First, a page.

Do you know the basic facts surrounding HIV transmission? Quiz yourself and others  about how the infection is transferred from person to person.
I can become infected with HIV by having sex with multiple people.
The issue is if the person is using protection. No matter of you have sex with one or multiple partners, unprotected sex with an infected person puts you at risk.
I can get HIV from injecting drugs.
Needles can carry HIV if previously contaminated by someone else. That's why doctors always use a clean needle when they give you a shot.
I could get HIV from a toilet seat.
There is no evidence that HIV spreads from toilet seats or other objects that have just experienced outer skin contact.
If I am a fit and healthy person, I won't become infected with HIV.
No matter your health status, you could always become infected if you participate in unsafe activities.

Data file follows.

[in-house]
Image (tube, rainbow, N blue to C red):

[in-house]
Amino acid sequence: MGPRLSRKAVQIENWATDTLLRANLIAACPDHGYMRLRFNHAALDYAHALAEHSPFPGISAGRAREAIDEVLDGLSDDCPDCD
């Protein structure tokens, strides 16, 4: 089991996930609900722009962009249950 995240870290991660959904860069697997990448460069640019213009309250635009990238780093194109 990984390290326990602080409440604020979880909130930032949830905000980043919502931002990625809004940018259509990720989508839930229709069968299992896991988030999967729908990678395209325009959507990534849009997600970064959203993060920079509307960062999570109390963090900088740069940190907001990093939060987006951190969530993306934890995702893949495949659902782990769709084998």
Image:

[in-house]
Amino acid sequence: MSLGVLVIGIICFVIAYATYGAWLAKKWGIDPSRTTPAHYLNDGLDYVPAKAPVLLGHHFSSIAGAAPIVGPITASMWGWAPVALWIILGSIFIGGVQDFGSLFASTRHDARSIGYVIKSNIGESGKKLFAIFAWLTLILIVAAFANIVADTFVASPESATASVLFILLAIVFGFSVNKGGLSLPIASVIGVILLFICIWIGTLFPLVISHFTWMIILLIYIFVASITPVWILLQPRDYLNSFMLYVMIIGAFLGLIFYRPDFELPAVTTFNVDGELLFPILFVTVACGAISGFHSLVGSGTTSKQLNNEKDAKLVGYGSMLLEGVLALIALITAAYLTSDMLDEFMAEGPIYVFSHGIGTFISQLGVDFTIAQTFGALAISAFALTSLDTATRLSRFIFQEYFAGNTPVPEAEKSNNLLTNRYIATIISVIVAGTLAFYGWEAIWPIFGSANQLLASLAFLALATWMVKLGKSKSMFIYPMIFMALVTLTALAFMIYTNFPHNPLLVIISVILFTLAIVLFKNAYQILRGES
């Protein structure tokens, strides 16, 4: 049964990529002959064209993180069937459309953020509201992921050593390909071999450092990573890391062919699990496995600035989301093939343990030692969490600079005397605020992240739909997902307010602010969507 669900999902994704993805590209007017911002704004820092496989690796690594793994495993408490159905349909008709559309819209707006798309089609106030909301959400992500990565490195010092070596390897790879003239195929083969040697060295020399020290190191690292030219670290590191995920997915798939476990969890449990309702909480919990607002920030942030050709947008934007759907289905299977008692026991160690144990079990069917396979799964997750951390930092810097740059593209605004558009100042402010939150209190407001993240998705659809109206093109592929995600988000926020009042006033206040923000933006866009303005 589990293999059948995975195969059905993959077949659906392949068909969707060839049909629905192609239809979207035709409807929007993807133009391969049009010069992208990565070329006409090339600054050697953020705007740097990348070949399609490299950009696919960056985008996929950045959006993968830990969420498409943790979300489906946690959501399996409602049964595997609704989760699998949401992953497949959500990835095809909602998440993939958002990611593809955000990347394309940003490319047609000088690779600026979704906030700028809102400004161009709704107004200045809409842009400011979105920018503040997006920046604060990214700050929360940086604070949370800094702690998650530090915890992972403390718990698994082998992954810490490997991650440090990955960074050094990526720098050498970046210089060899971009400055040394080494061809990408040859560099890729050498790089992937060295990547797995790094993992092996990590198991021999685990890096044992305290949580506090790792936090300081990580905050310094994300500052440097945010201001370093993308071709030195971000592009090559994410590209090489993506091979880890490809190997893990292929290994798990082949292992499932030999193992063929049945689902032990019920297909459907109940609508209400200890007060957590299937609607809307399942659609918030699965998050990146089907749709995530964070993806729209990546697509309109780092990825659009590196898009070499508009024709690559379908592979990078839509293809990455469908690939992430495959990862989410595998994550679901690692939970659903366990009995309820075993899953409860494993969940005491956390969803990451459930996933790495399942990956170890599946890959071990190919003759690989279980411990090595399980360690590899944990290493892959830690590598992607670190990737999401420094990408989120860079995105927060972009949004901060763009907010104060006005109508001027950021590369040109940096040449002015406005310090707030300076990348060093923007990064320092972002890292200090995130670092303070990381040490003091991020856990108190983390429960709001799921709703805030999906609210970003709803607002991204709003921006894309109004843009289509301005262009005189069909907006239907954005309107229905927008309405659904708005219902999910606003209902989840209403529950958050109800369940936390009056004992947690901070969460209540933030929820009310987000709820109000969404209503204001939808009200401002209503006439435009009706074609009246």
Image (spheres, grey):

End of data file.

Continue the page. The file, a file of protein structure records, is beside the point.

Married couples or people in committed relationships don't contract HIV.
A ring on the finger doesn't mean that your spouse didn't have previously infected sexual partners, does not currently have unprotected sex outside of the marriage or injects drugs using contaminated equipment.
A woman cannot get HIV if she uses birth control or another contraceptive.
Only condoms offer women protection against HIV (but even condoms cannot offer complete safety). Other forms of contraception do not offer protection from HIV.
I could get HIV by using someone else's toothbrush.
There is no evidence of transmission from this (but it's still not a good idea for health reasons).
If I have sex with someone who looks healthy, I won't become infected with HIV.
People with HIV can look perfectly healthy.
If I only have sex with people I know, I won't become infected with HIV.
Knowing someone does not guarantee that they are not infected with HIV.
I can contract HIV from kissing.
There is no evidence that transmission can happen this way, but there are increased risks if the mouth has sores or cuts.
I cannot get HIV from oral sex.
Transmission is possible this way. HIV is present in a man's semen and a woman's vaginal secretions and menstrual blood.
Condoms can stop you becoming infected with HIV.
When used correctly, condoms will help to prevent transmission of HIV from an infected partner to an uninfected partner. However, condoms are not 100% safe. Abstinence is the only truly preventative way to prevent infection from an infected partner to an uninfected partner.